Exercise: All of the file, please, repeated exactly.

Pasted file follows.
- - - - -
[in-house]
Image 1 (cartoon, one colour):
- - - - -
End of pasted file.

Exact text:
[in-house]
Image 1 (cartoon, one colour):